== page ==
Hillary Clinton Blasts Trump’s “Dangerous” Foreign Policy

Thursday’s speech was her sharpest attack yet on the presumptive GOP nominee.

John Locher/AP


Hillary Clinton launched her toughest attack yet on Donald Trump in a foreign policy speech in San Diego, California, on Thursday, attacking the presumptive Republican presidential nominee as an ignorant and dangerous figure whose election would be a “historic mistake.”

“I believe the person the Republicans have nominated for president cannot do the job,” she said. “I believe he will take our country down a truly dangerous path.”

Clinton mocked Trump’s volatile temper, name-calling, and penchant for fighting on Twitter. “It’s not hard to imagine Donald Trump leading us into a war just because someone got under his very thin skin,” she told her audience, which laughed frequently as Clinton ticked off her complaints about Trump. “We cannot put the security of our children and grandchildren in Donald Trump’s hands.”

The former secretary of state also ran down a long list of controversial and sometimes illegal foreign policy and defense stances Trump supports. In addition to his proposed ban on Muslim immigration, he has suggested breaking up NATO and other long-standing alliances if the United States isn’t better compensated, bringing back torture, and targeting the families of terrorists. Clinton attacked him for all those proposals, adding that Trump could spark an economic disaster and highlighting his friendliness for Vladimir Putin and other authoritarian leaders.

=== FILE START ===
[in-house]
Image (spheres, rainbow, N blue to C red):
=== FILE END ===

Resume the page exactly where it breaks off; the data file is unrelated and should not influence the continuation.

“Donald Trump’s ideas aren’t just different—they’re dangerously incoherent,” Clinton said. “They’re not even really ideas, just a series of bizarre rants, personal feuds, and outright lies.”

Although Clinton spoke about her own foreign policy experience and plans, most of the speech focused on Trump. The overriding theme was what Clinton called a “choice between a fearful America that’s less secure and less engaged with the world, and a strong, confident America that leads, to keep our country safe and our economy growing.”

Trump’s statements and proposals on foreign policy have prompted near-universal horror from diplomats, military officers, intelligence officials, and analysts—including some Republicans. A group of more than 75 Republican foreign policy experts blasted Trump in an open letter last month, saying he was “fundamentally dishonest” and “utterly unfitted” to be president. CIA Director John Brennan said he would refuse any orders to resume waterboarding or other acts of torture. Marine General Joe Dunford, the chairman of the Joint Chiefs of Staff, attacked torture as “inconsistent with the values of our nation” in response to Trump’s comments. The Huffington Post also wrote in April that there was panic among current and former military officers at the prospect of a Trump presidency.

For his part, Trump attacked Clinton on Wednesday night, claiming he had received an advance copy of her speech that was filled with “lies about my foreign policy” and falsely claiming he had never been open to Japan obtaining nuclear weapons. He also mocked Clinton on Twitter while she was speaking:

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